His heart sank as he looked beyond her. The line of passengers moving through his first-class cabin had ground to a halt. Worse, about a dozen sets of eyes were focused on him. He could tell that the majority of them had no idea who he was, but... oh no, one of them holding a magazine that had a cover story about his latest film.
He smiled at the woman as he took the pass from her. He chatted with her for several seconds after signing his name, but was relieved when the flight attendant arrived to shoo the passengers along.
So much for flying incognito.
Turning away, he sank low into his seat and focused once again on the tarmac outside. He tried to return to his happy thoughts of home, but he couldn't. Instead, his mind turned to the not-so-pleasant things that awaited him, like the stares he was sure to get.
In some respects, the hometown stares were nothing new. His father was an author, and had won a Pulitzer Prize a couple of dozen years ago. While this face hadn't changed the opinions that anyone in Stalton Harbor held, there were always a few summer tourists who would point and stare at his father, or drive by their house hoping to catch a glimpse. As Alessandro had grown, some of the stares had been directed at him, in a sort of reflected glory.
His mother's family also attracted local attention. In the 1800s her family had been one of the wealthiest to build a summer cottage in Stalton Harbor, which had until that construction boom been home mainly to farmers, fishermen, and shipbuilders. Since that heyday of summers past when Maine had been a popular summer destination for wealthy "Boston Brahmin" families, many of the older families had sold their homes as newer generations proved unable to solve heated ownership arguments or lost the family fortunes. Some of the grand old homes had been turned into B&Bs, resulting in the current harbor-side row of tidy white houses, lipstick pink geraniums, creaky wooden signs, and parking lots full of out-of-state cars. Those that remained private tended to turn over every ten years of so, their ownership and never-ending renovations moving with the tides of new fortunes in Boston.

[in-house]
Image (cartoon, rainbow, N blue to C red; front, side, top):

His parents' home was one of the few exceptions, and in the twenty-seven years since his mother had moved to Stalton Harbor, she had evolved into a local institution of sorts, filling the void left by her deceased yet still beloved grandmother. During the winter her old green Subaru could be spotted at the local library where she volunteered; during the summer her rusty, hideously-purple bike could be seen parked outside the small art gallery she owned and operated.
Being the oldest member of his mother's family had meant taking up the family mantle of unofficial town leadership that had been handed down for generations. It had been a terrifying prospect to him when he was a boy.
He wasn't sure how people in Stalton Harbor would react to him now. He hadn't given it much thought when he booked his flight home, or if he had, he had assumed that they would treat him as they always had. But what if they didn't? A small part of him—the part that always prepared for the worst-case scenario—feared that he would be the subject of stares and awkward autograph requests from people he'd known his entire life.
Alessandro closed his eyes and took a deep breath, trying to conjure up images of steamers and rocking chairs again. But instead of some sort of idyllic scene he saw a vision of the thing that terrified him most about heading home. More than the stares. More than autograph requests.
He saw the image of Margaret Barnes.
He inhaled sharply, and then let out a short, snorting laugh before stopping and glancing sideways at his seatmate. Luckily, the man hadn't noticed a thing; he was scribbling away on a page filled with Greek letters and complex equations.
Margaret Barnes. Or rather, Maisie Barnes, as he and everyone else had always known her.